Invite the Sun into your Home during Winter

Invite the Sun into your Home during Winter

- in Home Improvement

Green and affordable home heating solutions

Who can blame you for using a bit more energy and gas when the winter comes along? Nobody likes being cold all the time and it slows down your productivity on every level. But there’s a consequence for keeping the house warm, and it involves the well-being of the environment. How do we find a balance between staying warm during the winter, while preserving Mother Nature?

The answer is simple really. Just turn your home into an energy efficient building, mainly dependent on the sun. If you consider that about 84 Terrawatts of power is provided by that big ball in the sky throughout a 24 hour day (the world requires about 12 Terrawatts at the moment), and it will keep sending energy for the next 5 billion years, it’s the perfect power source. When you break it down into a square meter, you’re looking at 164 Watt over the course of the day. Quite impressive for something that doesn’t intrude on the environment, you don’t have to pay for, and it’s never-ending where humans are concerned.

Here are some affordable and green ways to invite the sun into your home during winter, and heating it up like never before.

Start Small

Before you start putting together a shopping list, why don’t you save loads of money just by inspecting the house first? Simple little things like windows that never close properly, holes in the ceiling, roof or walls, cracks and leaks, they can all make your home the perfect place for a draft. The only thing subzero temperatures need is a small gap, and it will turn your house into a freezer. Insulating the roof is also a very good idea to keep heat inside the home.

Think about it this way, if you can stop all the tiny drafts now, whatever you install to heat the house will work with more efficiency.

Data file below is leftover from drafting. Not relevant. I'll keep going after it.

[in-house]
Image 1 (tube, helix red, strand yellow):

Get Energy-Efficient Windows to Let the Sun in

Energy-efficient windows are a form of passive solar energy collection. It lets the sun in and keeps the cold out. Butthe best part is that you can either install new energy-efficient windows if you feel your current windows are too old, or you can upgrade the windows you already have.

If choose to install new windows, then it’s a good idea to familiarize yourself with their performance ratings. Seeing as these types of windows come with a special solar control coating, you can use the ratings to tell which windows work best with your climate and house.  

Everything about a window speaks to its efficiency, and if installed or upgraded correctly it can do wonders for the lighting and heat inside your home.

If you want to upgrade your windows, you can think about adding storm windows. These will reduce leakage substantially, and you can make it even more efficient by adding a special treatment to the window, which locks the heat inside the house.

Install Heat Pumps to Warm Up the House

Heat pumps are incredibly popular, because they overcompensate for the Btu of electrical energy they use. Yes, they are powered by the grid, but for 1 Btu of electricity, you get 3 Btu of heat. These are incredibly efficient due to the 1:3 ratio, also making them environmentally friendly.

There are two types of heat pumps. One uses heat that’s collected from the air, while one collects heat from the ground. The latter is slightly more efficient with a ratio of 1:4. Both of these use refrigerator technology to compress all the heat that’s collected from their respective sources, and spreading it into the house through a duct system or pipes.

Install a Solar Geyser to Keep the Water Hot

Solar geysers come in many packages these days and in many sizes. You can choose between the common solar panel design or an evacuated tube collector, and you can even use your own tank if you want to. Whatever you choose, it’s definitely going to cut down on greenhouse gasses.=

How much energy does a panel put out and how many do you need for a geyser? Everything depends on where you live, the efficiency of the panel and the size. But to give you some idea of what to expect from a single quality panel, it generates about 200 Watts. The more panels you connect, the higher the energy capacity goes. For a 200lt geyser one panel is enough to heat the water.

Obviously there are many more ways to utilize solar power in and around your home, but just starting somewhere is sometimes better. Why wait when you can do something to help the environment now?

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